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Book review: In Extremis by Tim Parks has an extreme storyline

The book works as a brave, honest chronicle of a quietly unlikeable man whose unfaithfulness and other gentle vices have left him open to scorn.
In Extremis by Tim Parks and published by Harvill Secker. Courtesy Penguin UK
In Extremis by Tim Parks and published by Harvill Secker. Courtesy Penguin UK

“I had come to a complete dead end, a position of utter impasse and ugliness.” Thomas, the neurotic 50-something protagonist in the 18th novel from enduring English novelist Tim Parks, is pondering his life.

It feels like a key moment. If you can empathise with him, the book works as a brave, honest chronicle of a quietly unlikeable man whose unfaithfulness and other gentle vices have left him open to scorn.

Unfortunately, it is also too easy to feel irritated with how self-obsessed Thomas can be.

In Extremis is framed around the impending death of Thomas’s devoutly religious mother, a state of affairs that provokes a period of self-reflection, reassessment, doubt and even guilt – as it would for most people who come into proximity with mortality.

Thomas fears he has become something of a cliché: he has ditched his long-term wife for a Spaniard 30 years his junior. His friend has done the opposite, marrying his long-term partner – but he, like Thomas, is a serial adulterer. It is a situation both men think they can joke about, but which inevitably gets them into trouble.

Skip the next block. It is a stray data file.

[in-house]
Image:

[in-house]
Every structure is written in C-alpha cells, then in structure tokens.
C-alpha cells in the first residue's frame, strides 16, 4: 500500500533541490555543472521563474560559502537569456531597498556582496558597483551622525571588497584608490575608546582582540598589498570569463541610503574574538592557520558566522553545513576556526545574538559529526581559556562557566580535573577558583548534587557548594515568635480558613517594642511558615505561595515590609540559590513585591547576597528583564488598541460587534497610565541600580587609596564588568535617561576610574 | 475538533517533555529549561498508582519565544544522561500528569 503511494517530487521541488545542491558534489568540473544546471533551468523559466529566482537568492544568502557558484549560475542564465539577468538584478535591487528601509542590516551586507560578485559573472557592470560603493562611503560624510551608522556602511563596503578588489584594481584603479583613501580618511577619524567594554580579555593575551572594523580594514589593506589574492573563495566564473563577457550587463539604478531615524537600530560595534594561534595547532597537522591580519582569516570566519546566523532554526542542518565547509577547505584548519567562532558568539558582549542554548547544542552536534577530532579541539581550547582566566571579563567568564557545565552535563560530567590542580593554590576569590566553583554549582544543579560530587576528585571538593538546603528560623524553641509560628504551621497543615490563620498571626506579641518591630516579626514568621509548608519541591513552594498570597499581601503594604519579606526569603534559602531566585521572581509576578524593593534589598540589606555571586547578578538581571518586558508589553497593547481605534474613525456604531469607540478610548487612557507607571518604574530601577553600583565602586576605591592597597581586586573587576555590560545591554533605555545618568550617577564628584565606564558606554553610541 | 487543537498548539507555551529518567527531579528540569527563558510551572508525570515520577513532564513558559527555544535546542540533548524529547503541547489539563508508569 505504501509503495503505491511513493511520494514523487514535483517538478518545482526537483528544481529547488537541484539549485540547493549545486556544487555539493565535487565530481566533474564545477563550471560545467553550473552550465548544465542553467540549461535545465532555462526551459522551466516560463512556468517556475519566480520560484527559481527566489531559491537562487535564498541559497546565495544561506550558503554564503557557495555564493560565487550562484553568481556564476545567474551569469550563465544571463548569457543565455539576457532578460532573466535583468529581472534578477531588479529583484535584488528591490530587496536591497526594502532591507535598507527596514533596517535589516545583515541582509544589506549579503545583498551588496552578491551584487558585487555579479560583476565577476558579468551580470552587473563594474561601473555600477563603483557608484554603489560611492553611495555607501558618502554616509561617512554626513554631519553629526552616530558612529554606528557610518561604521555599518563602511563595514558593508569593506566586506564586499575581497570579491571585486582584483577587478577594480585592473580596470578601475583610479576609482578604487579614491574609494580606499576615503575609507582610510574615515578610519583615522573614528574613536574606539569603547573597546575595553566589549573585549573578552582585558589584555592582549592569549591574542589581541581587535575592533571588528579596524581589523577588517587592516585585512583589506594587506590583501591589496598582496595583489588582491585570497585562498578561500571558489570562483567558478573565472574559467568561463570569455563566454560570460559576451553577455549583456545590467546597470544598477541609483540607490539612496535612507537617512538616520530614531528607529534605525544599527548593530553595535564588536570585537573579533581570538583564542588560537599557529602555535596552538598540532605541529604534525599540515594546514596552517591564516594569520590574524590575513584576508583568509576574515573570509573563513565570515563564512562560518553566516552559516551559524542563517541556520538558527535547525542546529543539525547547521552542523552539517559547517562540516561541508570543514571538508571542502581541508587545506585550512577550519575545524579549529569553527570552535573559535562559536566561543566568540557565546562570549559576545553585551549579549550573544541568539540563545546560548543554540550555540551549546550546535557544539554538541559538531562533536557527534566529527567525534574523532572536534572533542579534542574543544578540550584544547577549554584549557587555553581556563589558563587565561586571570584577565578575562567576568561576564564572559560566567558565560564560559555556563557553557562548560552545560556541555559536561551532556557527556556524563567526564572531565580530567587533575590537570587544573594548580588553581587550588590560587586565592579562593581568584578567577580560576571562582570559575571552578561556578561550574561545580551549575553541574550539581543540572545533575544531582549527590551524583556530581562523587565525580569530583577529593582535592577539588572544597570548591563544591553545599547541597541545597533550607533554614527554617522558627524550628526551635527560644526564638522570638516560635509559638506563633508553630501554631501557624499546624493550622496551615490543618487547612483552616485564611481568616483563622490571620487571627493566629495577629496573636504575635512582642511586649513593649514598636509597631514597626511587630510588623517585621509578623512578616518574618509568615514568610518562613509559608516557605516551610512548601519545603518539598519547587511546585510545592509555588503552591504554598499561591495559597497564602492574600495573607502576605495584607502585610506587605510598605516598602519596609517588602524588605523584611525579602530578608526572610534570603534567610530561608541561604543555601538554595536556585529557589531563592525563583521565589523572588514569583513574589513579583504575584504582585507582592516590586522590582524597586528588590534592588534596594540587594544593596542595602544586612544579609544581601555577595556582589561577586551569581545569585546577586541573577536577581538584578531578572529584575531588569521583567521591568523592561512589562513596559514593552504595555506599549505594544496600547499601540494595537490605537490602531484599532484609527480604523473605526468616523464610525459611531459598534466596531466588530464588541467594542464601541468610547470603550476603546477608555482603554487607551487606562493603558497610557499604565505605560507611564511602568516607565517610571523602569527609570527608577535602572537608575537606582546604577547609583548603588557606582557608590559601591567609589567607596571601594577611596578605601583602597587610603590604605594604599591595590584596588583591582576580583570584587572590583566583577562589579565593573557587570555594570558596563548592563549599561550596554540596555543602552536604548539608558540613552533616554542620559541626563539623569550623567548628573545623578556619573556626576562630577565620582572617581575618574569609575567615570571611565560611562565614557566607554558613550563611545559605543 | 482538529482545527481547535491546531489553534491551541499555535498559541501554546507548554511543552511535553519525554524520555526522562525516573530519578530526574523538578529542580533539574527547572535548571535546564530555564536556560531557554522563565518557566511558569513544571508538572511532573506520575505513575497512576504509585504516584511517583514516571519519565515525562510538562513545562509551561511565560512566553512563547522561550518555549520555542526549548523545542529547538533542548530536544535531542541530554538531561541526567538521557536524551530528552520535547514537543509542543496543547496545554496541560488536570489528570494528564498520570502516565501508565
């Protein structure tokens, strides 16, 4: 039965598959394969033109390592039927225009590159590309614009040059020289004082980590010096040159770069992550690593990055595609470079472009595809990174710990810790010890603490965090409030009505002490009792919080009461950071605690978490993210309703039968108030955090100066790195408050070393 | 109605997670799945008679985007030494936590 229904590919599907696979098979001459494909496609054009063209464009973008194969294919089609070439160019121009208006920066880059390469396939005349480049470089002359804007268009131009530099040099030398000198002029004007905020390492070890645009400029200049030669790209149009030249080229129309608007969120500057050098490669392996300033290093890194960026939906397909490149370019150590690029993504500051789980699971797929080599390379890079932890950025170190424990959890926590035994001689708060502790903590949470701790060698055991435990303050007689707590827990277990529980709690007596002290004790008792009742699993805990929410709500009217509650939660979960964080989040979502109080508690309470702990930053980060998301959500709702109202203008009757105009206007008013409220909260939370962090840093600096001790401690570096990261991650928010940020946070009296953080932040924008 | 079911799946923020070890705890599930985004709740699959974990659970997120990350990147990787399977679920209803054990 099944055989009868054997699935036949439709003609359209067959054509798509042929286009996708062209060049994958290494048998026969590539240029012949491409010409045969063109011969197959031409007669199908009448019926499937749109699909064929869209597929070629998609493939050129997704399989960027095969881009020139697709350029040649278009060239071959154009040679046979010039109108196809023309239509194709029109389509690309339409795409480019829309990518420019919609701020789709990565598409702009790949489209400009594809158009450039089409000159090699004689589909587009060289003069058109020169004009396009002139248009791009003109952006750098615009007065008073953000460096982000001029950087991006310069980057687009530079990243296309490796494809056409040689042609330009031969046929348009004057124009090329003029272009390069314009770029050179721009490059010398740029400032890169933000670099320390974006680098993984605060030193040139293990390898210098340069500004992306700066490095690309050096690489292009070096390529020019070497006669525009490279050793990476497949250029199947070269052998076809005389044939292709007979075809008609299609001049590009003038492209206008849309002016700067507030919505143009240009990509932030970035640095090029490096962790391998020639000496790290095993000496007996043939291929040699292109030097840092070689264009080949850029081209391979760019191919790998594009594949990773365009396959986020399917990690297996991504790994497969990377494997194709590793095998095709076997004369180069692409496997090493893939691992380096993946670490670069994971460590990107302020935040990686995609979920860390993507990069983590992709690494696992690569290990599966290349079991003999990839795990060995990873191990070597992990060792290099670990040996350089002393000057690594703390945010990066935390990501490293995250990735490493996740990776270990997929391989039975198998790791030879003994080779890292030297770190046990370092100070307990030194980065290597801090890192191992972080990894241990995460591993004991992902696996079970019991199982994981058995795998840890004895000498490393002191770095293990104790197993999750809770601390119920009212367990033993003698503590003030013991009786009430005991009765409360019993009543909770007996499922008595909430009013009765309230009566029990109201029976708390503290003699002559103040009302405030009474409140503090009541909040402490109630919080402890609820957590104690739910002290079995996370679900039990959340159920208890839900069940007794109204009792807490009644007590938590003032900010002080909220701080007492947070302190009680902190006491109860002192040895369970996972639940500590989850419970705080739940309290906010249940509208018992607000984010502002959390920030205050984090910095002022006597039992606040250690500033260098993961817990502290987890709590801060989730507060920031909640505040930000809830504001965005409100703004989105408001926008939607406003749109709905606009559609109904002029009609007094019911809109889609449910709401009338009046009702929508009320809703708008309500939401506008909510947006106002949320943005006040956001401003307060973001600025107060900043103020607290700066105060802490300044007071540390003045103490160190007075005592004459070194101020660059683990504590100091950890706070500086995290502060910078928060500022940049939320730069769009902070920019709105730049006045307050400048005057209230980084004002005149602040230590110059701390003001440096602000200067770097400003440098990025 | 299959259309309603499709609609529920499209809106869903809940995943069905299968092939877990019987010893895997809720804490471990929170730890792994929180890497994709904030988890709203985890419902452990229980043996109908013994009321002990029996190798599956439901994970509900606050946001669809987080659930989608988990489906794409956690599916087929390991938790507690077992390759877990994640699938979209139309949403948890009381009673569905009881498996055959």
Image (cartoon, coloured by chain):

All of this is written in a wry, sardonic and self-deprecating tone – none of which lessens the fact that Thomas is not really someone you would want to spend time with.

There is little more annoying in western culture than privileged, middle-class people moaning about how difficult their lives are.

Sanders’s constant obsession with texts and e-mails is just one way in which he is exasperating, even if such comments about our “always-on” culture might ring true.

Interestingly, a lot in this novel comes from the author’s personal experience. Parks grew up in a religious family and left his wife of 30 years for a 27-year-old Italian. And yet, given he wrote about the end of a marriage last year in the superior (and loosely linked) Thomas and Mary, it does feel odd that he is back in similar territory, and making the same error: we never really see the effect of Thomas’s behaviour from the point of view of the women in his life.

It is a frustrating novel because, like much of Parks’s past work, there are flashes of brilliance. Never mind the almost farcical situation with the best friend’s tormented son, or the frankly painful (literally) pages on the problems with Thomas’s “water- works” – the moment his mother finally passes away in the hospice is superbly handled.

In Extremis is an apt title: this is most certainly a novel of extremes.

In Extremis is out now

artslife@thenational.ae

Updated: April 4, 2017 04:00 AM

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